More than a charity, red kettles and thrift stores, The Salvation Army is an international Christian religious organization, with social services and sharing the gospel at the heart of mission.
The Greenwood Corps of The Salvation Army is celebrating 100 years. The Museum of Greenwood has a newly opened main floor exhibit about the organization.
Marion Smith, exhibits coordinator at The Museum, said he was unaware before beginning exhibit work that The Salvation Army is an evangelical part of the universal Christian church.
In fact, worship services are conducted at 222 Pressley St. in Greenwood. Sundays, Sunday School is at 10 a.m. and worship service is at 11 a.m. Thursday night services have been canceled until further notice during the novel coronavirus pandemic.
“There are four centers for The Salvation Army officer training in the United States,” Smith said. “The Southern territory is comprised of 14 states. In each of the four United States territories, there is a training college for officers. Evangeline Booth College serves the Southern territory. ... It’s a two-year course, in residence. When officers graduate, they go to a church, or corps.”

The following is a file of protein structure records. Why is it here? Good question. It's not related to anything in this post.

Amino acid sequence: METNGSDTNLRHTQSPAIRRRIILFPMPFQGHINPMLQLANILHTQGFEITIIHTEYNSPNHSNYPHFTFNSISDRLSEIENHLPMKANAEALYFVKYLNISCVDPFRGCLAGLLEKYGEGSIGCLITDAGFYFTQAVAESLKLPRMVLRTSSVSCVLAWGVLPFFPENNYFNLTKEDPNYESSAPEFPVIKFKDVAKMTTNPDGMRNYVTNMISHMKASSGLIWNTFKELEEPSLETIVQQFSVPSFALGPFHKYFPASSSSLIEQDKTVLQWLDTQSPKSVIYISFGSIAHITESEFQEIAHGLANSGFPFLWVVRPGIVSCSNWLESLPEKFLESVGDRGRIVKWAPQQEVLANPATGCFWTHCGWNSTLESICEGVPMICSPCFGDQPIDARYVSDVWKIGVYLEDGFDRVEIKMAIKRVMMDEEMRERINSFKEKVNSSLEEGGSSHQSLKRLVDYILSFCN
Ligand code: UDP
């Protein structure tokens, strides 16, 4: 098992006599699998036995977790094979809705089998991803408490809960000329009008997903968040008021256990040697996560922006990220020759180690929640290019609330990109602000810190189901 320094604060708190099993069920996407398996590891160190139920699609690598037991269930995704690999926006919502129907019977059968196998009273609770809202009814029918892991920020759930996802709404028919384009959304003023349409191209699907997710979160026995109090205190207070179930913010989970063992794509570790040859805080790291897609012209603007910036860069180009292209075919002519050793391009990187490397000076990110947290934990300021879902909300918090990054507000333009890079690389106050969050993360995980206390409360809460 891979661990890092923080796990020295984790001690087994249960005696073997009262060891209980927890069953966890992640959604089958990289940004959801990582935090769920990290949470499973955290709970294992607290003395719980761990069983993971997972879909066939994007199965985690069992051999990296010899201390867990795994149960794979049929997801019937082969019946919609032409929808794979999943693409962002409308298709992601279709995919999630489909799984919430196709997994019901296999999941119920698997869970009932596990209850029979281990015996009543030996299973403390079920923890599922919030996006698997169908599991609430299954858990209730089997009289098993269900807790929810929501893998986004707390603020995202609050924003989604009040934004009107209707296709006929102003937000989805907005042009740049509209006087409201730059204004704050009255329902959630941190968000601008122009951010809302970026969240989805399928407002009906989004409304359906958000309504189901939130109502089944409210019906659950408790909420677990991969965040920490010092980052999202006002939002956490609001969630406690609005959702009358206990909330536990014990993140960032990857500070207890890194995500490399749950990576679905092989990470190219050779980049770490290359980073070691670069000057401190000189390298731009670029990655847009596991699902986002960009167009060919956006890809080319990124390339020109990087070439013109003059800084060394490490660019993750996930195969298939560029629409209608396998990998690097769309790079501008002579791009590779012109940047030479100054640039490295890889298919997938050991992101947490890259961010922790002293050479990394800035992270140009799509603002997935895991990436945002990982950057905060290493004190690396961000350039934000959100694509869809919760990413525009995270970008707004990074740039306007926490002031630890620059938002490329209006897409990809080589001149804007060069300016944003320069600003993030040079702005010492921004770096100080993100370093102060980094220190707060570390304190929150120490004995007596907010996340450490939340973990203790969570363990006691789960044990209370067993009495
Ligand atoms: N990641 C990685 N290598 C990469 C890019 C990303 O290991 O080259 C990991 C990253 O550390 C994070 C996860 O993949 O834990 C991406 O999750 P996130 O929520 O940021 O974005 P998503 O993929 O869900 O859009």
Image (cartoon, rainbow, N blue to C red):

Smith said The Salvation Army was active in Greenwood before 1921, but there was not an established corps in Greenwood until then.
“There’s very little written history of the early corps here, with a year-to-year timeline and memorabilia,” Smith noted, largely because the organization has been focused on mission and services instead of scrapbooking its history.
Set up and operated on a military pattern, The Salvation Army leaders have ranks of military officers. Leading the Greenwood Corps since June 2016 are Majors Jason S. and Angela Hughes. They have served as Salvation Army Corps officers for 19 years.
The husband and wife team manage operations at The Greenwood Corps site, where local services have been headquartered since 1962. In addition to worship services, also offered is: a food pantry, rent/utilities emergency assistance, Christmas assistance and disaster relief.
Maj. Jason S. Hughes says The Salvation Army in Greenwood began providing services in 1913 as what is known as an outpost, of the Anderson Corps.
“It was the equivalent then of what would be considered a satellite office,” Hughes said. “Then, in 1921, we became a stand-alone Salvation Army location. The way that we work, we’re all one Salvation Army.”
More than 120 credit hours of instruction are part of the two-year training courses for officers, Hughes said.